Dying on stage: Comedian Marx has come closer than most
Robin Pomeroy Reuters GREENWICH, England -- Like most stand-up comedians, Carey Marx has stories about "dying on stage", but in his case they are almost literally true. Just weeks after a heart attack at the age of 46 which he put down to smoking...
GREENWICH, England - Like most stand-up comedians, Carey Marx has stories about "dying on stage", but in his case they are almost literally true.
Just weeks after a heart attack at the age of 46 which he put down to smoking, drinking and poor diet, economic necessity forced Marx back to work. But the crowd reacted badly when he tried to make jokes about his illness, chanting: "Die! Die! Die!"
He shuffled off stage and into an ambulance. He survived but only after a second operation to keep his arteries open.
"I tried to do material about the heart attack and I think if you do material like that badly you just embarrass the audience," Marx told Reuters ahead of a gig in south London.
"And I was also was genuinely afraid of hecklers, and that's when comedy becomes frightening. You should never be afraid of the heckler. When you feel your heart racing and you're aware that you could go down at any moment then it's pretty scary."
Just hours after his heart attack, Marx told hospital staff he intended to get to a gig that evening. The doctor, astonished that he was contemplating rushing back into such a high-stress occupation, inadvertently gave him his first heart joke.
"He said: 'You can't do comedy.' What he hadn't bargained for is I've been told that loads of times!" Marx says in "Intensive Carey", a show about his heart attack which he performed at the Edinburgh Festival and BBC radio.
These days the Londoner, a combative, confident performer who is both lauded and criticized for his "dark" subject matters, rarely does material about his heart attack, partly because "I don't want to ruin their night" but more because it is so personal.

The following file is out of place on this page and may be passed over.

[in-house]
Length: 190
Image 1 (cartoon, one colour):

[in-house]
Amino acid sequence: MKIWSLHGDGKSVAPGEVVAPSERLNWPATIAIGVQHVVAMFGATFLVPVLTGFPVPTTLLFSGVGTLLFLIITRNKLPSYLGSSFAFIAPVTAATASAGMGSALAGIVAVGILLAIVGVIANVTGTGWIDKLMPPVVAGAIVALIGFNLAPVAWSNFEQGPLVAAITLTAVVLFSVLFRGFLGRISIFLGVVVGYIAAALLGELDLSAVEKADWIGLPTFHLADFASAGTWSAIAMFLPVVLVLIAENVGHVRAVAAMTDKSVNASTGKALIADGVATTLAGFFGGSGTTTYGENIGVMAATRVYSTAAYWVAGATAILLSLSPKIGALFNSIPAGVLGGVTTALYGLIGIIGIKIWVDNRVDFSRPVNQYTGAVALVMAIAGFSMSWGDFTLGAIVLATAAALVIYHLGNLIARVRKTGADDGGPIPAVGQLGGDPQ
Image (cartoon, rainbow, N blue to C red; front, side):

"I found it embarrassing to talk about at first. I am able to criticize the world and behavior and rules normally (during my comedy) because they don't affect me personally and I don't mind how the audience react to it.
"But if I had an audience I didn't really like, I didn't want to tell them the story, because it was personal. I felt like I had an investment in it."
One of the most touching stories in "Intensive Carey" is when Marx recalls walking to the local shop to buy a bag a sugar.
Severely weakened by his heart disease, he has to clutch it desperately to his chest as he staggers home, aware that people around him must be thinking: "Look at that poor old man. He really loves sugar."
Research published in the "International Journal of Cardiology" ( http://tinyurl.com/gkpbuyc ) that found standup comedians were particularly at risk of fatal illness, with "an inverse association between comedic ability and longevity", is something of a double-edged sword for Marx.
"Should I be putting 'has had a heart attack' amongst the reviews on my flyers?" he asked.
Marx rejects the idea that stress levels and personality traits are to blame for comedians' poor health, and says it is more to do with lifestyle.
“Nowadays there’s a lot of very healthy people on the circuit. When I started it was a lot more rock and roll."
Rather than grabbing a greasy kebab after a late-night gig, he says: "Lots of comedians arrive with their packed lunch. I have never been that good a person."